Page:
the instruction (NARAL Foundation, 1995). For example, in Louisiana, schools are required to teach that abstinence is the expected norm for students, but the law makes no mention of instruction regarding STD prevention. In addition, 19 states prohibit or restrict school health and education programs from making contraceptives, or in some cases information regarding contraceptives, available to students. The number of restrictive laws enacted or considered by states increased in 1995 (NARAL Foundation, 1995). Another important limitation of current school-based education is the lack of consistent STD-related education at lower grade levels.

The majority of health education teachers recently surveyed reported that they taught about sexual abstinence (76 percent); how to prevent STDs (75 percent); signs and symptoms of STDs (70 percent); and other topics related to risk factors for STDs (Collins et al., 1995). In the CDC survey mentioned previously, among teachers who taught in health education classes, 78 percent taught about sexual behaviors that transmit HIV (and other STDs), but only 37 percent taught about correct use of condoms (CDC, 1996b). The preparation of teachers who provide instruction on these topics is inconsistent. For example, while 86 percent of states and 33 percent of school districts that required instruction in STDs reported providing training on the topic (CDC, 1996b), only 16 percent of teachers surveyed reported receiving training on teaching STD prevention during the two years prior to the survey.

A 1989 survey of more than 4,200 seventh- through twelfth-grade teachers in specialties most likely to be responsible for sex education found that most teachers believed that information regarding HIV infection, other STDs, and pregnancy should be covered by the seventh and eighth grades at the latest (Forrest and Silverman, 1989). There was a gap between what the teachers think should be taught and what actually occurs. For example, almost all teachers believed that sex education information for students should include sexual decision-making and abstinence and birth control methods, but only 82 to 84 percent of teachers reported being in schools that provided instruction in these areas. Teachers cited (a) pressure from parents, the community, and school administration; (b) lack of appropriate teaching materials; and (c) lack of student interest as potential barriers to teaching sex education.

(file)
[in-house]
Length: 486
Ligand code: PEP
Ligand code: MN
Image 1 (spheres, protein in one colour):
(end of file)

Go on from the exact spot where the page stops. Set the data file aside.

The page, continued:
An IOM committee4 that is preparing a report on the role of comprehensive school health programs in the United States has come to the conclusion that health education does not commence at a sufficiently early age; the period prior to high school appears to be the most crucial for shaping attitudes and behaviors. By the time students reach high school, many are already engaging in risky behaviors or at least have formed accepting attitudes toward these behaviors. For

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IOM Committee on Comprehensive School Health Programs in Grades K-12.



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